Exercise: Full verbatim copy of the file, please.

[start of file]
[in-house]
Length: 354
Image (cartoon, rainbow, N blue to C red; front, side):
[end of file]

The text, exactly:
[in-house]
Length: 354
Image (cartoon, rainbow, N blue to C red; front, side):